Virtual meetings and electronic execution now permanent

8 March 2022

Back in August 2021, Mahoneys brought you an article on the impending amendments to the Corporations Act 2001 (Cth) (Act),[1]which would allow companies to use technology to sign documents, hold meetings and send meeting material. The full article can be read here.

Since then, those amendments have been passed. The Corporations Amendment (Meetings and Documents) Act 2022 (Cth) (Amending Legislation) received royal assent on 22 February 2022 making the use of technology under the Act permanent. The changes apply to meetings held, and documents sent, on or after 1 April 2022. For electronic signing of documents, they apply to all documents signed on or after 22 February 2022.

The long-awaited amendments are widely welcomed, making the use of technology under the Act a thing of certainty and unity across Australia. Companies and directors will no longer have to rely on piecemeal and temporary legislation to sign documents using electronic means.

Technology to Hold Meetings

Under the Act, a company (and registered scheme) can hold a meeting virtually (or a hybrid meeting) if it is consented to by all the directors provided that, where a meeting is entirely virtual, virtual meetings are permitted under the company’s constitution.

Given these amendments will take effect on 1 April 2022, it is important to review, and update where necessary, the company constitution before April 2022 to ensure meetings can be held using technology.

Electronic Signatures

The Amending Legislation amends section 127 of the Act by allowing a document or deed to be signed electronically provided that:

  1. a method is used to identify the person and indicate that person’s’ intention to sign a copy or counterpart of the document;
  2.  the copy or counterpart includes the entire contents of the document; and
  3. the method used was either:
    1. as reliable as appropriate for the purpose for which the document was generated or communicated in the circumstances; or
    2. roven to have fulfilled the functions in (a) by itself or together with further evidence.

These amendments are a timely reminder that where signing in counterparts, the entire documents needs to be sent along with the signing panel. It is not sufficient to send the signing page in isolation to the other party for countersigning.

Under the new section 126, an agent of a company can sign, vary, ratify or discharge a contract (including a deed) electronically without the need for the company seal or for their signature to be witnessed. The agent does not have to be appointed by a deed to sign on a company’s behalf provided the agent has express or implied authority to do so.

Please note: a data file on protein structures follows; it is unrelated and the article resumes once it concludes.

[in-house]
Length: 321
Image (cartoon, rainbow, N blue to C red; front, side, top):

The amendments also clear up a point of ambiguity in section 127, confirming that a company with a sole director and no secretary can execute documents under this section.

Technology to send documents

Under section 110D of the Act, a document can be sent electronically provided that, at the time the document is sent, it is reasonable to expect that the document would be readily accessible to be useable for subsequent reference.

The recipient may notify the sender (in writing or otherwise) of a preference to be sent the document in physical or electronic form. Regardless of any election, provided section 110D of the Act (and any timing requirements) has been met, the sender will have been deemed to have sent the documents.

However, if an election is made to be sent a document in a particular manner (i.e. in physical form or by electronic means), a failure to comply with that election may result in the sender contravening the Act (see particularly section 110F which can attract up to 30 penalty units). Such a contravention will not affect the validity of any act, transaction, agreement, instrument, resolution or other thing.

What these changes mean for you

These amendments only relate to the use of technology under the Act and as such do not apply to persons executing documents electronically in their individual capacity.

It is important to consider the following:

  • the ability to hold meetings and sent documents using electronic means will take effect from 1 April 2022;
  • signing documents electronically applies to documents signed on or after 22 February 2022;
  • if an election has been made to be sent a document in physical or electronic form, whether the election has been followed;
  • whether the company’s constitution allows for the use of technology to hold meetings (if not the constitution needs to be updated); and
  • whether the company’s shareholder agreements are consistent with its constitution in relation to the use of technology.

The commercial team at Mahoneys can assist with reviewing, and amending if necessary, the company constitution and shareholder agreements to utilise technology. We can also assist with answering any queries relating to these amendments so that your company can take full advantage of the use of technology to increase efficiency and reduce costs.

If you would like to get in touch, please contact Mahoneys commercial Partner, Antony Harrison, or Lawyer, Sabrina Austin on (07) 3007 3777 or or

[1] Treasury Laws Amendment (Measures for Consultation) Bill 2021: Use of technology for meetings and related amendments.